Ad Buyers Mixed on Meredith Guarantee Program

Only one advertiser has signed up so far

Meredith has named Kimberly-Clark as the first client for its Engagement Dividend, a program that guarantees advertisers a lift in sales for brands advertised in its magazines aimed at women like Better Homes and Gardens and Parents.

For marketers, who have for years demanded proof that their advertising is performing as promised, this program would seem to be the holy grail. Yet there doesn't seem to have been a stampede by advertisers clamoring to sign up. After six months and more than 125 client meetings, Kimberly-Clark is the only one on board. 

Michael Brownstein, chief revenue officer of Meredith’s National Media Group, said that while Kimberly-Clark is the first client, Meredith is in negotiations with four more advertisers and that it expects to meet its goal of having 10 consumer packaged-goods advertisers for 2012. Meredith is also exploring similar sales-based guarantees for auto and pharma clients.

Brownstein said there's been strong interest from marketers, but that many didn’t meet the parameters Meredith set for participation in the program. Meredith was looking for marketers to advertise multiple brands in multiple titles, commit for the full year, and increase their 2012 spending with Meredith by at least $1 million over 2011.

“No one is doubting the methodology,” Brownstein said. “I don’t think there’s a meeting where I’m not getting great enthusiasm for this. But they have to meet the criteria.”

That's not the story some ad buyers are telling. They've raised doubts about the program, though they do praise Meredith for doing the research and taking a step toward a guarantee.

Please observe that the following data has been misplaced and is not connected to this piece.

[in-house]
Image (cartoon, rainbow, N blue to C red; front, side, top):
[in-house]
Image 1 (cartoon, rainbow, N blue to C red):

John Nitti, executive vice president at Zenith Media, said that while he gives Meredith credit for being the first publisher to conduct sales lift research, he objected to some of the caveats and terms of the program.

“For us it was not a true guarantee, so we took a pass and even more importantly it wasn't across channel (digital and magazine),” he emailed.

For others, the issue might be having brands whose objectives align with the program as well as having the extra money in the budget to spend with those titles.

“You have to feel pretty confident that their portfolio of publications makes sense for the brand,” said Rich Gagnon, chief media officer at Draftfcb New York. “If you’ve already maxed out with the brand, the research might not be that important to you.”

Gagnon said he’s evaluating the program for clients but hasn’t been sold on it yet.

For the program, Meredith overlays its subscriber database with Nielsen’s Homescan panel to measure purchase behavior by subscribers who were exposed to the ads. It will compare that purchase behavior to consumers who weren’t exposed to the Meredith titles. Meredith said that in tests, its readers bought 10 percent more of the advertised brands in categories like food, beauty, and household goods.